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The War of the Rebellion: A Compilation of the Official Records of the Union and Confederate Armies

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OFFICIAL RECORDS: Series 1, vol 2, Part 1 (First Manassas Campaign)
Page 844 OPERATIONS IN MD., PA., VA., AND W. VA. Chapter IX.

There are at this place three tenements, owned and inhabited by citizens; these horses are necessary for the accommodation of the sick and for depots for quartermaster's and commissary stores. These citizens refuse to leave them or to rent them to the government for any reasonable sum.

I have no hospital yet established, and there is no means of providing other hospital accommodations that those afforded by huts, and it is essential to have a ventilated bolding for this purpose, and it is important to have control of all the tenements within the limit of our lines. I believe an exorbitant rent would be charged, and perhaps a spirit of resistance to military interference would prevent the possibility of renting at any price. I ask instructions as to the powers I possess under the law.

An armed vessel of the United States steamed into York River yesterday, and approached within some three times of our works. She did not, however, venture to approach nearer, but seemed to be engaged in sounding the channel at the mouth of the river. no boats were sent out from her and no attempt made to land troops; other steamers of the enemy have been observed in Mobjack Bay and just without the mouth of York River.

Our water battery is now armed with three 9-inch guns, and the men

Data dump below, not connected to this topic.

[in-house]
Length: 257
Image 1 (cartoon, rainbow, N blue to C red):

have been constantly instructed in the working of the guns by Captain T. J. Page, of the Navy.

Should the enemy land in force on this side of York River, either on the York or the waters of Severn, it would be necessary to resist them with a much larger force of infantry than that now at his post.

There are but two infantry companies here, and the light batteries are without horses.

For so small a command as there now is here, and I see no probability of its being increased materially for some time, I beg to suggest the necessity of fortifying the land approaches in our rear, and I ask that, should it meet the approbation of the general commanding in chief, a military engineer be ordered here to plan and lay out the works.

I have found it entirely impossible, from the absence of all accommodations for the troops and from the constant detail of almost the entire strength every day for work in landing and placing in position the heavy guns, to effect a proper organization, or to devote much time to drill or instructions.

No blank forms have as yet been received, and I ask that you will forward them. I have no blank requisitions, and suppose it is unnecessary to forward a requisition. I will send receipt if necessary.

Very respectfully, your obedient servant,

W. B. TALIAFERRO,

Colonel, Commanding Post.

ADJUTANT AND INSPECTOR GENERAL'S OFFICE,

Montgomery, May 15, 1861.

Brigadier General JOS. E. JOHNSTON, C. S. A. Montgomery, Ala.:

SIR: Having been appointed a brigadier-general in the Army of the Confederate States, you have been assigned by the War Department to the command of the troops near Harper's Ferry. In proceeding to that point the Secretary of War directs that you take Lynchburg in your route, and make arrangements there for sending forward to Har-


Page 844 OPERATIONS IN MD., PA., VA., AND W. VA. Chapter IX.
OFFICIAL RECORDS: Series 1, vol 2, Part 1 (First Manassas Campaign)
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